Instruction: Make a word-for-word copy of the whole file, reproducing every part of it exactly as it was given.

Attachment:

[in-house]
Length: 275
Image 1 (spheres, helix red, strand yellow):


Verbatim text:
[in-house]
Length: 275
Image 1 (spheres, helix red, strand yellow):